By Doug Ward
We called it a non-workshop.
The goal of the session earlier this month was to offer lunch to faculty members and let them talk about the challenges they continue to face three years into the pandemic.
We also invited Sarah Kirk, director of the KU Psychological Clinic, and Heather Frost, assistant director of Counseling and Psychological Services, to offer perspectives on students.
In an hour of conversation, our non-workshop ended up being a sort of academic stone soup: hearty and fulfilling, if unexpected.
Here’s a summary of some of the discussion and the ideas that emerged. I’ve attributed some material, although the wide-ranging conversation made it impossible to cite everyone who contributed.
Typically, use of campus mental health clinics jumps in the two weeks before and the two weeks after spring break (or fall break). There is also a surge at the end of the semester. So if it seems like you and your students are flagging, you probably are.
- More people stepping forward. The pandemic drew more attention to and helped destigmatize mental health, encouraging more people to seek help, Frost said. One result is that clinics everywhere are full and not taking new clients. CAPS accepts initial walk-ins, but then students often have to schedule two weeks in advance.
- Small steps are important when students are anxious. Just doing something can seem daunting when anxiety is high, Kirk said, but taking action is important in overcoming anxiety.
- Connection is crucial. Connecting with peers and instructors helps give students a sense of belonging. Grad students seem especially glad to have opportunities to interact in person.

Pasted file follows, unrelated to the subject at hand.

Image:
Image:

- Making class positive helps students. A feeling of belonging lowers anxiety and makes it more likely that students will attend class.
- International students and faculty have additional stress. Turmoil in home countries can add to stress, and many international students and faculty feel that they have no one to talk to about those troubles. Fellow students and instructors are often afraid to raise the subject, unintentionally amplifying anxieties. Those from Iran, Ukraine, and Russia are having an especially difficult time right now.
- Care for yourself. Frost encouraged faculty to listen to themselves and to seek out things they find meaningful. What is something that replenishes your energy? she asked. Students notice when instructors are anxious or fatigued, and that can add to their own stress. So set boundaries and engage in self-care.
Students seem to be working more
The perception among the group was that students were working more hours to earn money. That has added to missed classes, requests for deadline extensions or rescheduling of exams, and a need for incompletes.
- KU data. In a message after the meeting, Millinda Fowles, program manager for career and experiential learning, provided some perspective. She said that in the most recent survey of recent graduates, respondents said they worked an average of 22 hours a week while at KU. That’s up from 20 hours a week in previous surveys, with some students saying they worked more than 35 hours a week. In the 2021 National Survey of Student Engagement, KU students were asked whether the jobs they held while enrolled were related to their career plans. Responses were not at all: 32.8%, very little: 13.3%, some: 23%, quite a bit: 14.1% and very much: 16.8%.
Role of inflation. The need to work more isn’t surprising. Inflation has averaged 6% to 7% over the past two years, and food prices have jumped 9.5% just in the past year, according to the Bureau of Labor Statistics. According to the rental manager Zillow, the median rent of apartments it lists in Lawrence has increased 18% over the past year, to $1,300. Another site, RentCafe, lists average rent at $1,068, with some neighborhoods averaging more than $1,250 and others below $1,000.
- Hot job market. Bonnie Johnson in public affairs and administration said the job market in that field was so hot that students were taking full-time jobs in the second year of their master’s program. That is wearing them down.
- Effect on performance. Frost said students’ grades tend to go down if they work more than 20 to 25 hours a week.
Flexibility in classes